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RAIN 6/7: Call for speakers for RAIN Summit Midwest

Posted on: 06/07/2011

INTERNET RADIO INNOVATORS NEEDED TO SPEAK AT RAIN SUMMIT IN MINNEAPOLIS JULY 16

RAIN will hold the second-annual RAIN Summit Midwest, the summer edition of our growing series of RAIN Summit Internet radio conferences, on July 16 during The Conclave Learning Conference in Minneapolis. We’re looking for expert speakers and panelists willing to share their insight and experience.

As you know if you’ve attended (or read about) past RAIN Summit events, the topics we cover typically include “Compelling Content” (How to create great programming for Internet radio), “Monetizing Your Streams” (How to maximize Internet radio revenues), “Going Mobile” (Launching apps for Internet radio on smartphones and other devices), and others.

If you’re an innovator in Internet radio — whether in general management, programming, or sales — and you would be interested in speaking at RAIN Summit Midwest, please e-mail us (feedback-at-kurthanson.com) with a one- or two-paragraph description of your proposed subject area, plus a one-paragraph bio.

APPLE DEBUTS MUSIC CLOUD SERVICES, BUT NO STREAMING

Apple unveiled a long list of new software and features yesterday, but iCloud and iTunes Match stole the show.

iCloud is a new platform, replacing Apple’s $99/year MobileMe system, that will store users documents, photos and other data for syncing across various Apple devices. It’s free for 5GB of storage and also syncs iTunes-purchased music (more on that from Engadget here).

For music not purchased through iTunes, there’s iTunes Match. The $25/year service “matches” music in your iTunes library (no matter where it came from, more on this in the story below) to Apple’s 18 million song catalog. If there’s a match, you get instant access to a 256 Kbps AAC file that can be sent via Wi-Fi to your other Apple devices (iPhone, iPad, etc.). Otherwise your song is uploaded.

Unlike cloud services from Amazon and Google, Apple’s iTunes Match is not a streaming service. Songs are only wirelessly downloaded to your other devices.

This wireless syncing appears to be strangely replicated in a free feature of the upcoming new operating system for iPhones and other mobile Apple devices, iOS5. Dubbed Wi-Fi Sync, the feature would allow users to ditch their USB cables and sync their iTunes content to iPhones and other devices through their local network connection.

However, Apple’s website (here) conspicuously does not mention music in its description of Wi-Fi Sync — perhaps because otherwise there would be few reasons to pay $25 per year to wirelessly download music you already own.

Writes Elliot Van Buskirk on Evolver.fm (here): “Apple’s music locker is a nice feature for those who like Apple’s hardware and software, but it’s not the cloud endgame.”

Apple’s iTunes Match and iOS5 will launch in fall. The beta version of iTunes allowing iCloud syncing of iTunes-purchased music is available now.

ANALYSTS ARGUE iTUNES MATCH ACKNOWLEDGES, EVENENCOURAGESMUSIC PIRACY

Apple’s iTunes Match service, for $25 a year, offers wireless syncing of any music in your iTunes library — even if you stole it.

“It reinforces the practice of downloading music without paying for it,” writes Elliot Van Buskirk. He argues the new service “encourages piracy far more than MP3.com’s my.mp3.com CD-mirroring service ever did.”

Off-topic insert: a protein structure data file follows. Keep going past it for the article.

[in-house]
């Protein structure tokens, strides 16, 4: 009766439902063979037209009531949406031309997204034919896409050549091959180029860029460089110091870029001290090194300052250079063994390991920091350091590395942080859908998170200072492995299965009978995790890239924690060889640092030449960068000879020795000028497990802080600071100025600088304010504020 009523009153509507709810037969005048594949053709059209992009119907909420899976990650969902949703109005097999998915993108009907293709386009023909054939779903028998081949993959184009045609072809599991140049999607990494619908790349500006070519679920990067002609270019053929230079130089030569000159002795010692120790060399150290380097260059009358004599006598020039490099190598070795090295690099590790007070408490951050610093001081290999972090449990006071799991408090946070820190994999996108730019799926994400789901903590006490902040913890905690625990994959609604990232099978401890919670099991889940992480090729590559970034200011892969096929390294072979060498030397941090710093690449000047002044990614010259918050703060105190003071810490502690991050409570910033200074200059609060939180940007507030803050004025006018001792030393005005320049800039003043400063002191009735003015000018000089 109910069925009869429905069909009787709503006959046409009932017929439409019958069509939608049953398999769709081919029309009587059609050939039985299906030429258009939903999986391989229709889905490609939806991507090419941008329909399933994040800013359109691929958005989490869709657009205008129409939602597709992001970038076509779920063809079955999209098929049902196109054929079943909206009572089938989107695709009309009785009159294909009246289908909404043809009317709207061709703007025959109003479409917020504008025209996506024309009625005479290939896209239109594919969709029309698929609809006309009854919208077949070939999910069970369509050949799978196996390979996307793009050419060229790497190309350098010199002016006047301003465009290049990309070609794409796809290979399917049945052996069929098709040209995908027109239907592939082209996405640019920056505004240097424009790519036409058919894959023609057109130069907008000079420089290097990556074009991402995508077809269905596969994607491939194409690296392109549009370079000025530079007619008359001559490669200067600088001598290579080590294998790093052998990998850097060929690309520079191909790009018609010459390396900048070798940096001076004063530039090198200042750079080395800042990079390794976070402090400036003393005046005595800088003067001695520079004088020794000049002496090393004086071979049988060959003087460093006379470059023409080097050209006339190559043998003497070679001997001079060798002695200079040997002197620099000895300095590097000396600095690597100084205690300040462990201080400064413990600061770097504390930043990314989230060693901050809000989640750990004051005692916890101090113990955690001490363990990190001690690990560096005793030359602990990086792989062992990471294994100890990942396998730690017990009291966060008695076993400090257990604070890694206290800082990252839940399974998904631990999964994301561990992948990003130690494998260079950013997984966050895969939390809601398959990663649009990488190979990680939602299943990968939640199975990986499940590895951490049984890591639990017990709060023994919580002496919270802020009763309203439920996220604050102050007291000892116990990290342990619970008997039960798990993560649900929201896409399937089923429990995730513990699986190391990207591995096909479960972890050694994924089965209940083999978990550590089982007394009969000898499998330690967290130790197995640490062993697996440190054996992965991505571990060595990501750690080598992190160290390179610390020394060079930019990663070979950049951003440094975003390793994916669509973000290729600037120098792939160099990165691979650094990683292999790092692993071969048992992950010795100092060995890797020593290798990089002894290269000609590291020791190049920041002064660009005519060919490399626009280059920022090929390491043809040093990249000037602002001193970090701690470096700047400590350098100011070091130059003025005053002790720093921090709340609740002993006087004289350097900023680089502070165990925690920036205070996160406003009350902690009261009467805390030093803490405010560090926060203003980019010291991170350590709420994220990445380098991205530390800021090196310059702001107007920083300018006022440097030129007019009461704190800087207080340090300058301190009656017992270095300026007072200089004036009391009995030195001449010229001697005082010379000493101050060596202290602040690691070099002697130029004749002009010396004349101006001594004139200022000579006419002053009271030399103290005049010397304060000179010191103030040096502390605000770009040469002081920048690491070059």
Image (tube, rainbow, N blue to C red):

He continues (here), “it leaves unfulfilled the possibility of convincing people to pay a monthly fee for all the music in the world, whether they’ve bothered to pirate it yet or not.”

Industry critic Bob Lefsetz agrees (here). “It’s a denial of the future. Who in the hell is going to buy a music subscription for even $3 a month when for $25 a year you can have everything you own, even stole, at your fingertips via iCloud[?]”

The AP writes (here) that “the service acknowledges a well-known fact – that most music on iPods, iPhones and iPads was ripped or swapped,” and provides labels with “some economic payback.”

Indeed, revenue from iTunes Match is being shared with the music industry. The L.A. Times pins the percentage at 70% going to labels and another 12% going to publishers (here).

TuneCore CEO Jeff Price estimated that iTunes Match could generate $500 million if only 10% of iTunes users subscribe.

ANALYSIS: PANDORA ROYALTIES ACCOUNTED FOR 23.5% OF 2010 SOUNDEXCHANGE REVENUE

Yesterday in her Audio4Cast blog (here), Jennifer Lane reported Pandora royalty payments account for over 23% of SoundExchange’s 2010 statutory revenue.

“According to SoundExchange‘s Annual Report for 2010 (here), the collections agency for the RIAA collected statutory royalties from all statutory classes of services in the amount of $263,593,310,” reported Lane. Taking 45% (the percentage Pandora paid in royalties for their fiscal 2010 year) of $137,764,000 (Pandora’s revenues for their fiscal year February 2010 through January 2011) yields a Pandora royalty payment of nearly $62 million, or 23.52% of what SoundExchange collected in statutory royalties not only for Internet radio, but other services like satellite radio and cable music services.



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Sep. 12 SF Music Tech Summit: San Francisco, CA
Sep. 13 RAIN Summit Chicago @ NAB/RAB RadioShow: Chicago, IL
Sep. 14-16 NAB/RAB RadioShow: Chicago, IL
Sep. 24 IBS Radio/Webcast Conf.: Chicago, IL
Oct. 6-7 Digital Music Forum West: Los Angeles, CA
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Dec. 3 IBS Radio/Webcast Conf.: Los Angeles, CA